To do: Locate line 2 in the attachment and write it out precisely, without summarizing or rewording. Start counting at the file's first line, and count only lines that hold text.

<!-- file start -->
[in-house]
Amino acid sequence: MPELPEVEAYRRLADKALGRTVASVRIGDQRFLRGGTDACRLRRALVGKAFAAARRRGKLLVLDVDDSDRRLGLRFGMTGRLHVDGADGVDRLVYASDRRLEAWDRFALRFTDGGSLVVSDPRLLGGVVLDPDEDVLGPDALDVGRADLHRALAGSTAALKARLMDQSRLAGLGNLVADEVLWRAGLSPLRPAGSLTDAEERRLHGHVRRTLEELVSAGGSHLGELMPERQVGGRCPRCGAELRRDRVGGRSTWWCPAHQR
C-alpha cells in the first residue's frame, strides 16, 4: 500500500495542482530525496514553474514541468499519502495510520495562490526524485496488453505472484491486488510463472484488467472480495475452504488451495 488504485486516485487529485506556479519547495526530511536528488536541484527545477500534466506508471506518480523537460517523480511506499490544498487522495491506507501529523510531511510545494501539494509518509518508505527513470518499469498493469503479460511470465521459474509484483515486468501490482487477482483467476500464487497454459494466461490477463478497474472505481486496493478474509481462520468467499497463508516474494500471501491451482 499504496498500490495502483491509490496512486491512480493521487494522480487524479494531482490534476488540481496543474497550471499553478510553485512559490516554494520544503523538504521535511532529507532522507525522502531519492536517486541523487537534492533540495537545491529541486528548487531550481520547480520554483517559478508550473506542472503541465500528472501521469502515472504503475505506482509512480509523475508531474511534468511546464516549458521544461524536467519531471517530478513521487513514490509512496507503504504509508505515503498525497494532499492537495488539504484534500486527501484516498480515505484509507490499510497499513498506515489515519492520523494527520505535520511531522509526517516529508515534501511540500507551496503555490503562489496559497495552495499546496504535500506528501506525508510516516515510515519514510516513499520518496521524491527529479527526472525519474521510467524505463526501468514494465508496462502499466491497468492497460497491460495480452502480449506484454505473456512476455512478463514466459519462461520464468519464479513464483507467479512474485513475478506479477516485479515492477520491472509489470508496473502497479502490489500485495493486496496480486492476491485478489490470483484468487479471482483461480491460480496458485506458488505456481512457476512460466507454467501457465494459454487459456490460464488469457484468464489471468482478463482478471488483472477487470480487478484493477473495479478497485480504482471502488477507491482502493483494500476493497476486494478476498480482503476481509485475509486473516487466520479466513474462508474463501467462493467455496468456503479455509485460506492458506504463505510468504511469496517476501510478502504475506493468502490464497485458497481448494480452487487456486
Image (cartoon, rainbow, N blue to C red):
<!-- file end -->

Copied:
Amino acid sequence: MPELPEVEAYRRLADKALGRTVASVRIGDQRFLRGGTDACRLRRALVGKAFAAARRRGKLLVLDVDDSDRRLGLRFGMTGRLHVDGADGVDRLVYASDRRLEAWDRFALRFTDGGSLVVSDPRLLGGVVLDPDEDVLGPDALDVGRADLHRALAGSTAALKARLMDQSRLAGLGNLVADEVLWRAGLSPLRPAGSLTDAEERRLHGHVRRTLEELVSAGGSHLGELMPERQVGGRCPRCGAELRRDRVGGRSTWWCPAHQR